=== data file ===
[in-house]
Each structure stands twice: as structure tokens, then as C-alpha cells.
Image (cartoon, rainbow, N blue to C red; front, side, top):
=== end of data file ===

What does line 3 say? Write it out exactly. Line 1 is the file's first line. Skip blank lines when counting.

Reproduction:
Image (cartoon, rainbow, N blue to C red; front, side, top):